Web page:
Phones in prisons

The New York Times reports on the growing number of smartphones in prisons, where phones are a federal felony that comes with a sentence of an extra year. They're helping prisoners connect with the outside world, organize and of course, post to their Facebook walls and tend their imaginary cows. Last month, a phone was found under Charles Manson's mattress in a California prison. Usually, relatives pay the service fees for the phones.

From the Times:

Although prison officials have long battled illegal cellphones, smartphones have changed the game. With Internet access, a prisoner can call up phone directories, maps and photographs for criminal purposes, corrections officials and prison security experts say. Gang violence and drug trafficking, they say, are increasingly being orchestrated online, allowing inmates to keep up criminal behavior even as they serve time.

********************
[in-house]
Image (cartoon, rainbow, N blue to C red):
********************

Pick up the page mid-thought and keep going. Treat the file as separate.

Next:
There have been lots of ideas to try to put a stop to this, including jamming the signals in prisons, but cellphone industry isn't for that. Mississippi has a solution they've been trying out - monitor all activity on all calls, and texts, calls and so on that go out on phones not on an approved list are shut down. But, some organizations are trying to get prisons to embrace technology - these phones help prisoners stay in touch with a fast-changing world.

About the author

John Moe is the host of Marketplace Tech Report, where he provides an insightful overview of the latest tech news.

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